Nevertheless, the West’s dominant cultural identity throughout the second half of the 20th century remained profoundly marked by liberalism and conservatism. The moral and ideological downfall of the Soviet regime was precipitated by decisive action of three political figures, namely Ronald Reagan, Margaret Thatcher, and Pope John Paul II, alongside the Christian-Democratic German Chancellor Helmut Kohl, who was also responsible for the reunification of Germany. Karol Wojtyła opposed Communism from early on in his career, when he was serving as Archbishop of Krakow. After becoming Pope, he managed to persuade all of the signatory states of the Helsinki Accords, including the Soviet Union, to accept the inclusion of religious freedom among the list of fundamental human rights. The relevance of this addition was not only symbolic, but also practical, since it offered European democracies a powerful diplomatic lever that they could use to combat Soviet oppression.

Indeed, the pressure to safeguard the religious rights of citizens and communities within the USSR ended up eroding the system just as much as President Reagan’s ‘Star Wars’ initiative. In its desperate attempt to compete against the US, the Soviet Union was arguably ruined by excessive military spending, but also as a result of the internal power dynamics of the OSCE: although the Soviets believed that signing the Helsinki Accords would enable them to maintain the status quo of global bipolarity, it ended up undermining their own power.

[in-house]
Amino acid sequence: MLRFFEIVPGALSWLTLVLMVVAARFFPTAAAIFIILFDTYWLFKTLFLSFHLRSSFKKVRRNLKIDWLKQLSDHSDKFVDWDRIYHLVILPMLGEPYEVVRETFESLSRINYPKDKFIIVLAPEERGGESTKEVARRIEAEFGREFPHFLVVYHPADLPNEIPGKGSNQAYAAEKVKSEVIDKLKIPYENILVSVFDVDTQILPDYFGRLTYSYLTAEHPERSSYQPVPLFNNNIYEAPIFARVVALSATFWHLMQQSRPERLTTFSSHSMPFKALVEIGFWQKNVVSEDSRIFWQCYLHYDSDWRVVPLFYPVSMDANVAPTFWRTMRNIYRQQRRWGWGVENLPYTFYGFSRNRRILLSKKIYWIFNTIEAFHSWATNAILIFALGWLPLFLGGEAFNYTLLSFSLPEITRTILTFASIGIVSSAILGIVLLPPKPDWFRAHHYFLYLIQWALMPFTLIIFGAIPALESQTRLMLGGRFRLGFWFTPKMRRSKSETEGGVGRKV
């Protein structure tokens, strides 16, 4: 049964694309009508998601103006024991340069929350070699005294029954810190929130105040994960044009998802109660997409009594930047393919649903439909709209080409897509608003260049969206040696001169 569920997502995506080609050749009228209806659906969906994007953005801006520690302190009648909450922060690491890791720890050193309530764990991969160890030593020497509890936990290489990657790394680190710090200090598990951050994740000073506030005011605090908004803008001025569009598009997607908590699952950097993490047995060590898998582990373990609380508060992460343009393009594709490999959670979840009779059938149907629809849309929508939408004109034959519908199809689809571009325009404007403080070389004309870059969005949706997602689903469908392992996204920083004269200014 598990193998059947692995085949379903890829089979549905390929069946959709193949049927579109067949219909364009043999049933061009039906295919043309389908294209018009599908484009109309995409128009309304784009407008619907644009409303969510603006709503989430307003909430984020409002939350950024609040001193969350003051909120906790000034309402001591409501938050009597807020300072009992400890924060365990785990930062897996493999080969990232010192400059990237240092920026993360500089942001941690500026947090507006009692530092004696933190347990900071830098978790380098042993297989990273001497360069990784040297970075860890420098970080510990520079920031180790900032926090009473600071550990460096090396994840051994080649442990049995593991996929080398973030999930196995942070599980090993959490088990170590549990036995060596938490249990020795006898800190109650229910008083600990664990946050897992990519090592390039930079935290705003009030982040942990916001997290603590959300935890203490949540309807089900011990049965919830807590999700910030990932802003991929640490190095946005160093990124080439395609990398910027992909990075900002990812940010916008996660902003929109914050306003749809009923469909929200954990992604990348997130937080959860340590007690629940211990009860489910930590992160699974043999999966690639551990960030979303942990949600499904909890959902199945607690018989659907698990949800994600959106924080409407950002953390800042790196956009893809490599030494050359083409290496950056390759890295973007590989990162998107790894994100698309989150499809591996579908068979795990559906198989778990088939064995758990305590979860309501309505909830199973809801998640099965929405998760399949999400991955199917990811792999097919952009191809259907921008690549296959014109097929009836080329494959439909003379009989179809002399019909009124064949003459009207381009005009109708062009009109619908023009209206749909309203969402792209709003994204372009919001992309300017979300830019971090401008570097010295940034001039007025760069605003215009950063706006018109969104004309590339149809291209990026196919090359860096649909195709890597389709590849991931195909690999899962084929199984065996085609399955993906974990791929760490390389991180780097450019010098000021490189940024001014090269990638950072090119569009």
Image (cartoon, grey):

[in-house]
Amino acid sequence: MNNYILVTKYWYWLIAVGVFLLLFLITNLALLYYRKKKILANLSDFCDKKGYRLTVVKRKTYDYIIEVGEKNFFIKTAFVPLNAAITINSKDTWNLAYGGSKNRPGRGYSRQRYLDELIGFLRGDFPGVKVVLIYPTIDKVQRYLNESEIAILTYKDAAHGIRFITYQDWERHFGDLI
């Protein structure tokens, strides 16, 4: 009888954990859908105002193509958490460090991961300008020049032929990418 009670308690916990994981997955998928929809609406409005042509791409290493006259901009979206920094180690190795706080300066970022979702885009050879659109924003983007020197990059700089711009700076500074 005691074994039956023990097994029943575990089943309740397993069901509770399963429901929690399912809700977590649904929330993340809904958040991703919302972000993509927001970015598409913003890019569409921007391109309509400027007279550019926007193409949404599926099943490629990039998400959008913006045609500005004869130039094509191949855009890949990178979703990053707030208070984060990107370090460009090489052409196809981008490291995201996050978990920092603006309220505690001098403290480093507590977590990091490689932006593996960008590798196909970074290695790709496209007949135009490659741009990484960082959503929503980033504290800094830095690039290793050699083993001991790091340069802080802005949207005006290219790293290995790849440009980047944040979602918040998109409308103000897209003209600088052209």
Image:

Even though Western Europe’s rebirth was fueled by the Christian-inspired value of solidarity and a personalist conception of human rights, it also led to the development of highly consumerist and mediatised societies, in which liberalism and secularism became intimately associated. Indeed, regular religious practice has continuously declined, while scientific positivism and anti-clericalism have spread at a rate reminiscent of the 19th century.

In fact, between 1945 and 1989, the West has cultivated an increasingly broader sense of social and cultural autonomy, laying the foundations for a more developed form of self-critical historical revisionism, which was nurtured both by the realities of decolonisation as well as the plethora of civil rights movements that emerged in the past decades. The future came to be defined in opposition to the past. No dogma or taboo were meaningful enough to challenge the utopian quest for unrestrained freedom.

The French concept of ‘laïcité,’ which has spread throughout all of Western Europe, removed religion from the public sphere in the name of a confessional neutrality of the state. The Second Vatican Council has also contributed to the reconceptualization of the institutional purpose of the Church – since it suggested that the Church should be principally regarded as a provider of charitable services and sponsor of social solidarity, which implicitly and perhaps inadvertently silenced its transcendental dimension.

(The second part will be published next week)

Dr Teodor Baconschi

Former Foreign Affairs Minister of Romania and former ambassador of Romania to the Vatican, the Sovereign Military Order of Malta, the Republic of San Marino, France, Andorra, Monaco and Portugal.